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How do you hold your tongue?

At Get Dental Plans we are interested in whole mouth health, not just your teeth and gums, when offering dental insurance. So we found this article interesting and a great way to indicate how important looking after all of your mouth is.

Tongue posture is actually a thing, writes Lucy Stock, dentist at Gentle Dental Care in Belfast – and it can have a surprising bearing on face shape and breathing

WHEN I was young my grandmother used to say to me: “Put your shoulders back and point your toes out when walking.” I did actually listen to her and my posture has probably benefited from this advice.

It's relatively obvious to see how standing straight would improve the mechanical balance of the skeleton – but have you ever heard of tongue posture?

Yes, there is such a thing as good and bad tongue posture and it's not a silly notion as it can have detrimental knock-on consequences for your whole body. The tongue is meant to rest sitting upwards in your mouth, touching the hard palate about a centimetre above your lower teeth.

It's not meant to rest downwards, sitting forwards, pressing on the front teeth. If the tongue is forward, then this can actually move the teeth. The average human swallows about 2,000 times a day so that's 2,000 times that the mega muscle tongue is exerting force on the teeth, making them protrude and opening up space between teeth. Because there's not enough force on the palate from a low-lying tongue then the upper jaw will develop narrower, causing a thin smile with crowded teeth. Often when this happens it also pushes the lips apart, causing more mouth breathing which can elongate the face during growth rather than causing a squarer-shaped face with good cheekbone definition. It can also add to speech impediments, snoring and teeth grinding. You can test whether you have a forward tongue posture – simply swallow and if you can see the tip of your tongue between your front teeth then your tongue rests forward. You can actually retrain your tongue, but it needs dedicated practice. Studies have indicated that by widening the roof of your mouth you can improve your airway which can be achieved with a brace and tongue training. One exercise is to place the tip of your tongue against the roof of your mouth, just behind and above your top teeth. Then using suction pull the middle of your tongue flat so that it touches your palate while closing your mouth – now hold it there taking slow deep breaths for the count of five. Try repeating this several times a day.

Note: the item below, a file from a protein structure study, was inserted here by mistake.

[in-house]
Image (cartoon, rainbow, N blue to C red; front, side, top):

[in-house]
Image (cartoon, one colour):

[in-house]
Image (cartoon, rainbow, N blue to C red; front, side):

A slightly 'tongue in cheek' article, excuse the pun! But here at Get Dental Plans we are always pushing the importance of regular dental check ups, although we appreciate that this is harder than normal at the moment. Regular visits to the dentist can pick up many issues that you might not even be aware of, even tongue related. A dental insurance policy from Get Dental Plans includes cover for visits to the dentist and hygienist so you and your employees are covered from any unexpected dental surprises, prevention is definitely better than cure. If you are looking for company dental insurance, for you and your employees, look no further than Get Dental Plans, contact us today, to find out how we can help you.


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